Hedge fund activism debate: The real face of active investing?

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By:
Helen Avery
Published on:

Activist shareholders have a bad name. Helen Avery brought together a group of hedge funds to uncover the positive role that such investors can play.

Hedge fund activism: Participants

ACTIVIST HEDGE FUNDS are losing in the popularity stakes. Last month, the latest funds to suffer a public backlash were London-based Centaurus Capital and US-based Paulson & Co. The two funds, with a combined stake of 31.4% in Dutch conglomerate Stork, continued to press for a management change, and a break-up of the company’s business units. Their case: that the firm would unlock more value for all shareholders if it focused solely on its main business, aerospace. Minority shareholders Robeco and ABP, the Dutch pension fund, have publicly rejected the hedge funds’ proposal, and management of Stork has allegedly tried to dilute the managers’ stake of almost one-third by issuing preference shares. The result: a pending court investigation into the allegations.

Also in the headlines recently has been Eric Knight, of Knight Vinke Asset Management. Knight has fought a public battle as he has campaigned as a shareholder for the break-up of French utility Suez, into a water business and an energy business. With recent reports that French billionaire François Pinault is exploring a bid for the two businesses separately, Knight might finally see his ambitions for the firm fulfilled but it will not be as a result of his fight for shareholder value.

In the US, Carl Icahn is the most noted name among activist hedge funds. In 2005 and 2006 he entered into a public battle with the US’s largest media company, Time Warner Cable, as he fought for cost cuts, management changes, a $20 billion stock buyback and a break up of the business units.

Such publicly fought battles, whether intended or not, between activist hedge fund managers and management of some of the world’s largest companies have resulted in the activist segment of the hedge fund community being branded as antagonistic and troublesome.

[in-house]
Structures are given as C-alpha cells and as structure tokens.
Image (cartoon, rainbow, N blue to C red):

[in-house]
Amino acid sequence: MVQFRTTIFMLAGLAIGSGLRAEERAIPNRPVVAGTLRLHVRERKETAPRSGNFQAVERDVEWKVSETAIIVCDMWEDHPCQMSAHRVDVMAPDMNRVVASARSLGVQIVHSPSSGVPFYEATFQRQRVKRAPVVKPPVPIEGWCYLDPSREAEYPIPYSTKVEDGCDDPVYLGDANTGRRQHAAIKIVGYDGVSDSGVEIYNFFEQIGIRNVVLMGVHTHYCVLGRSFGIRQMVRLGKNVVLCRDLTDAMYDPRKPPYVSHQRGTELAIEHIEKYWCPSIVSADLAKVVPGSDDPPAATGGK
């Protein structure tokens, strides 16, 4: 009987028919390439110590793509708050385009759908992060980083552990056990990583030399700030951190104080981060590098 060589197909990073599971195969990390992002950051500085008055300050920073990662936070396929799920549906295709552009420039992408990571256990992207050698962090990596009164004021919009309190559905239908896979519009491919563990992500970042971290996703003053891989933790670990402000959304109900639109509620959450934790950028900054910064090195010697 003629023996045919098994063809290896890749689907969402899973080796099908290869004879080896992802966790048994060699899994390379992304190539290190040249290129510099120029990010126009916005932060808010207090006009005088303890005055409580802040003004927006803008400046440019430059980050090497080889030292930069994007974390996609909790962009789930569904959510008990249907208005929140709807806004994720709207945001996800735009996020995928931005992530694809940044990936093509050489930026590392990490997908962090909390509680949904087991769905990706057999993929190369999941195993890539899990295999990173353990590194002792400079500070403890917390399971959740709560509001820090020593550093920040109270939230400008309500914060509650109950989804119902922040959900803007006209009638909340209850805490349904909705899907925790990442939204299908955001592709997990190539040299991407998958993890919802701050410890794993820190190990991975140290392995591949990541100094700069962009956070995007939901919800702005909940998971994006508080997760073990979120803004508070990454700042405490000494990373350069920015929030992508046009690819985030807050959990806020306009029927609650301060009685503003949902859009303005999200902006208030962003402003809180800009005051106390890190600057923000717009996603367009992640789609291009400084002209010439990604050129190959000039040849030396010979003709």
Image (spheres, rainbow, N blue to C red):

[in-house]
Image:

There are an estimated 125 dedicated activist hedge fund managers, with many more hedge funds thought to be applying an active approach in conjunction with their main strategy, be that event-driven, distressed, long/short equity or merger arbitrage.

It is a growing number but often their roles in creating shareholder value and working with management go unmentioned – because they are without conflict.

Euromoney asked a selection of hedge fund managers that would be perceived as activists to discuss how they approach activism, what shareholders and indeed management can gain from their involvement, and where they see their segment of the hedge fund industry going.



BC: Activism can mean many things to different investors, ranging from nasty, confrontational letters to quietly working alongside management on strategic decisions and capital allocation. Can each of you define your approach to activist investing?


DM: We’re always active but not always activist. We’re looking for undervalued situations and will get as active as necessary. We want to be friendly activists and work with the company and the board to unlock value. In extreme cases though, we are not afraid to get much more aggressive. As shareholders, we own a piece of the business. We won’t back down when we see that the management is not doing the right thing for shareholders.